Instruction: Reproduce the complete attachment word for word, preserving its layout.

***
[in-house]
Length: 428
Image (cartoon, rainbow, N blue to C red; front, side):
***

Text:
[in-house]
Length: 428
Image (cartoon, rainbow, N blue to C red; front, side):